Hack of SEC files opens door to illegal insider trading

Breach has experts questioning government security, transparency, encryption, more

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First Equifax. Now the SEC. Who’s next?

Last week the U.S. Secu­ri­ties and Exchange Com­mis­sion announced that hack­ers breached the SEC’s EDGAR data­base … back in May 2016!

SEC Chair­man Jay Clay­ton issued a care­ful­ly word­ed state­ment putting this spin on the agency’s mea cul­pa: “We believe the intru­sion did not result in unau­tho­rized access to per­son­al­ly iden­ti­fi­able infor­ma­tion, jeop­ar­dize the oper­a­tions of the Com­mis­sion, or result in sys­temic risk.”

Relat­ed arti­cle: Experts dis­cuss impli­ca­tions of Equifax data breach

EDGAR—an acronym for Elec­tron­ic Data Gath­er­ing, Analy­sis, and Retrieval—is a store­house of dis­clo­sures com­pa­nies make to every­one, such as annu­al and quar­ter­ly reports. Cru­cial­ly, EDGAR also hous­es pri­vate fil­ings relat­ing to news releas­es, pro­posed merg­ers and acqui­si­tions, and oth­er del­i­cate mat­ters that can impact stock prices. Third­Cer­tain­ty con­vened a round­table of experts to flesh out the wider implications.

Chris Pier­son, View­post chief secu­ri­ty officer

Chris Pier­son, Chief Secu­ri­ty Offi­cer, View­post

Giv­en the cryp­tic release from the SEC it is impos­si­ble to know the extent of the intru­sion … but one has to assume if these pri­vate files are in the zone of infor­ma­tion (they were) like­ly to have been tar­get­ed and exfil­trat­ed. Pri­vate fil­ings com­mu­ni­cate deals that are about to hap­pen or may not be hap­pen­ing any longer. If some­one was to buy or sell shares using this inside infor­ma­tion, huge prof­its could result. This is a direct finan­cial moti­va­tion that would ben­e­fit both cyber crim­i­nals and nation-states—either by their act­ing on the infor­ma­tion or sell­ing it for profit.”

Tom Keller­mann, Strate­gic Cyber Ven­tures CEO

Tom Keller­mann, CEO, Strate­gic Cyber Ventures

This SEC breach is once again anoth­er exam­ple that government’s secu­ri­ty archi­tec­ture has failed. Nation-states are tar­get­ing reg­u­la­tors to coun­ter­act eco­nom­ic sanc­tions through dig­i­tal insid­er trad­ing and front run­ning. The Lazarus Group has been doing this for a year. I am con­cerned that the attack on the SEC could allow for island hop­ping into all who vis­it (the) net­works … thus allow­ing non­pub­lic mar­ket data to be manipulated.”

Atiq Raza, Vir­sec Sys­tems CEO

Atiq Raza, CEO, Vir­sec Systems

This attack is espe­cial­ly alarm­ing because of the clear path to mon­e­tize this data through illic­it trad­ing. We’re also see­ing con­tin­ued ero­sion of the trust that orga­ni­za­tions like the SEC, as well as cred­it bureaus, finan­cial insti­tu­tions, health care providers, and gov­ern­ment agen­cies need to oper­ate. It’s crit­i­cal that the SEC do a bet­ter job than Equifax in being trans­par­ent about the hack and data exposed. Wait­ing months to act on a breach dis­cov­ered in 2016 is not a good start.”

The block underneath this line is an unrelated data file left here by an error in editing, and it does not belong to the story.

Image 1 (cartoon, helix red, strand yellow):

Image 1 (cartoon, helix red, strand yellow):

Jeff Hill, Preva­lent direc­tor of prod­uct management

Jeff Hill, Direc­tor of Prod­uct Man­age­ment, Preva­lent

The EDGAR episode is tan­ta­liz­ing­ly effi­cient for bad actors: pen­e­trate once, com­pro­mise many. Rather than hack­ing mul­ti­ple pub­lic com­pa­nies to illic­it­ly gath­er valu­able insid­er infor­ma­tion, the EDGAR per­pe­tra­tors could par­lay a sin­gle breach into a poten­tial mon­e­ti­z­able data bonan­za. Fur­ther, trad­ing on insid­er infor­ma­tion could be expo­nen­tial­ly more lucra­tive than sell­ing stolen cred­it card num­bers on the dark web. It appears from ini­tial reports that the attack­ers weren’t dis­cov­ered by tra­di­tion­al secu­ri­ty meth­ods, but rather their insid­er trad­ing behav­ior may have been the activ­i­ty that aroused sus­pi­cion, a par­tic­u­lar­ly dis­con­cert­ing real­i­ty for the SEC’s secu­ri­ty pro­fes­sion­als if, in fact, that’s the case.”

Kunal Anand, Pre­vo­ty CTO

Kunal Anand, CTO, Pre­vo­ty

The dis­clo­sure by the SEC fur­thers the point that strength­en­ing appli­ca­tion secu­ri­ty is crit­i­cal. In this case, a vul­ner­a­ble piece of soft­ware was used to exfil­trate sen­si­tive and ephemer­al­ly pri­vate infor­ma­tion. On the heels of the now his­tor­i­cal Equifax breach, two burn­ing ques­tions are top of mind. Was the vul­ner­a­ble soft­ware com­po­nent pre­vi­ous­ly known and did EDGAR fail to patch it? Also, why wasn’t this infor­ma­tion encrypt­ed, or was it encrypt­ed and did attack­ers com­pro­mise sen­si­tive keys?”

Gabriel Gumbs, STEALTH­bits Tech­nolo­gies VP of prod­uct strategy

Gabriel Gumbs, VP of Prod­uct Strat­e­gy, STEALTH­bits Technologies

In 2015 Busi­ness Wire, PR Newswire and Mar­ketwired were all hacked by the same group of per­pe­tra­tors. They stole 100,000 news releas­es, trad­ed ahead of more than 800 com­pa­ny finan­cial releas­es and made more than $30 mil­lion in fraud­u­lent stock mar­ket trades on this infor­ma­tion. Oth­er finan­cial­ly moti­vat­ed hack­ers were clear­ly pay­ing atten­tion, as the SEC hack tar­get­ed the same type of infor­ma­tion. Pro­tect­ing infor­ma­tion that will be made pub­lic but has to remain pri­vate for some peri­od of time is very dif­fi­cult to govern.”

More sto­ries relat­ed to gov­ern­ment cybersecurity:
Bridg­ing the gap between gov­ern­ment and Sil­i­con Valley
Trump’s efforts to address nation­al cyber­se­cu­ri­ty should be applauded
Trump’s order to strength­en cyber­se­cu­ri­ty is a step in right direction

 


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